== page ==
In the Spectrasonics RMX plugin, which is essentially an instrument for creating electronic grooves, they provide an extremely useful feature called “Chaos Designer” which is a tool for adding randomness into your repeating, drum-loop grooves. The Chaos Designer feature can effect the timing and volume of the various groove beats, as well as the pitch and distorted tone, all in a random way. When used sparingly, such as at the end of 8-bar phrases where a drummer would normally play a fill, it gives new excitement and energy to your tracks, making it much more musical and less mechanical sounding. Again, this is a feature that composers would dream up (which is why I’m such a fan of the Spectrasonics plugins), inspiring you to do more creative things with your Virtual Instrument than would otherwise be possible.

Here is a video that shows how this “Chaos Designer” feature in RMX can be used to introduce randomness in to a groove for making fills and transitions.  I used this technique on my song “Desert”, to add variety to the groove at the end of 8-bar phrases.

Tip #9:  To get the most realistic sounds from sampled instruments in VI, don’t play parts out of the normal range for the selected instrument

Most of the higher-quality VI’s will typically limit the range of your available notes for a given instrument patch automatically, based on the instrument you’re playing.  But in some cases you may need to configure the settings in your VI to limit the range if this not an automatic process.   Playing samples outside the normal range of the instrument will tend to sound more fake as the VI will usually take samples (within the range of the instrument) and modulate them up or down to get the desired note.  Depending on how far out-of-range your desired note is, the modulated sample will sound unnatural and fake to your ear.

Tip #10:  Make sure to have adequate CPU, RAM, and Disk space for the VIs that you plan to use

Lastly, if you plan to use a lot of VI plugins for your music then you will be putting more demands on the system performance of your computer.   VIs normally use some combination of synthesis (e.g. running sound generation algorithms on your CPU) and sampling (playing back digital samples from files on your disk) to create their sounds.  Most plugins will use some combination of both techniques at the same time.   VIs that are more synthesis-heavy can place a larger load on your CPU, whereas sample-based VIs tend to require more RAM and disk space.  If your computer only supports the bare minimum system requirements listed from the manufacture of your VI you may find that the VI will not be very reliable (audio dropouts during recording, DAW software halting due to low memory conditions, very long load-up time for your VI, etc).   To avoid these kinds of problems, you should build in adequate performance capability for your computer system from the start.  I’ve listed some general guidelines to ensure good performance and minimal system problems when using a lot of VIs in your composing and recording projects:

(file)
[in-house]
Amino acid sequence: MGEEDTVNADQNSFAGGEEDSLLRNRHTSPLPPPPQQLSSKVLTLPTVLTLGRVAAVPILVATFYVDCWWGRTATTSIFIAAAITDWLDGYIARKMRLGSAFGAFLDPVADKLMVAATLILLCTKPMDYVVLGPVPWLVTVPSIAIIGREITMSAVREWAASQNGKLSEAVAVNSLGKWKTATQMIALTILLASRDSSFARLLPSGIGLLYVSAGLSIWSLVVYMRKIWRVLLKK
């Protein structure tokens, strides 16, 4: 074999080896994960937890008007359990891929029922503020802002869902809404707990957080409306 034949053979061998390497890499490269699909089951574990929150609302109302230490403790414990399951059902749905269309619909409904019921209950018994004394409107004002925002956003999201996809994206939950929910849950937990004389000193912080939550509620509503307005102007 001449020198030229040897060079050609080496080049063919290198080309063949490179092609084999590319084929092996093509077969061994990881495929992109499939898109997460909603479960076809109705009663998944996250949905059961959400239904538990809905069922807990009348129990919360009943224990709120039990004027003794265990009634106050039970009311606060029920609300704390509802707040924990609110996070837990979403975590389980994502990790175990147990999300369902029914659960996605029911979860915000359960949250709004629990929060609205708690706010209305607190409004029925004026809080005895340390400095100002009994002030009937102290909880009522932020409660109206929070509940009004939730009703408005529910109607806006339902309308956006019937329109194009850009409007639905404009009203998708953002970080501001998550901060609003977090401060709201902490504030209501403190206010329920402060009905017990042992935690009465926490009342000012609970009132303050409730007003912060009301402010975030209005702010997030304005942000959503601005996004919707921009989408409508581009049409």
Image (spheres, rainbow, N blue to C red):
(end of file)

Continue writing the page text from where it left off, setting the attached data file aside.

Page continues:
• CPU:  Your DAW machine should use a multi-core CPU such as Intel i7, i5, or any of the comparable choices from AMD
  • RAM:  Upgrade the amount of RAM in your system to as much as your system can support (4GB at a minimum, 8GB or more preferred)
  • Hard Disks:
    • Spend the extra money to get higher performance hard disks (7200 rpm, 64MB cache).  Slow hard disks (no matter how large) can become a performance bottle neck in the recording process, as well as causing longer delays when loading instrument samples into RAM when you need them.
    • Keep your music tracks on a separate disk from your recording software
    • Keep your sample libraries on a separate disk than your recording software

I hope three-part article has provided some useful information about Virtual Instruments and some things to consider to get the most out of them for your music.

Happy music making! Till next time, –Jim

 

10 Tips for using Virtual Instruments in Composing and Music Production – Part II

Jim-Studio-writingIn part 2 of my article on using Virtual Instruments, I’ll have a closer look at some of the aspects of orchestral VI plugins and also provide some musical examples of the sounds I’m using in my compositions that demonstrate the features I’m talking about.

In recent years the quality of orchestral VIs has increased dramatically.  There are now a wide assortment of companies offering full-orchestra VIs as well as solo versions of specific instruments in the orchestra such as  Violin, Cello, Flute, Trumpet, Piano, etc.   Depending on your needs you may need one or both options.   For much of the music I was working on, I needed that full-orchestra sound that I’d heard in my head that I could never achieve with the plugins that were pre-bundled with my DAW software.  Some of my cheaper plugins approached the quality I needed but still had major holes in the orchestra.  I had decent string sounds but no woodwinds other than flutes and a few saxes, no brass unless I only wanted salsa-trumpet sounds and basic fake-sounding trombones, and nothing in the way of harps sounds.  After getting East West Quantum Leap Symphonic Orchestra, I was kicking myself for not getting it sooner.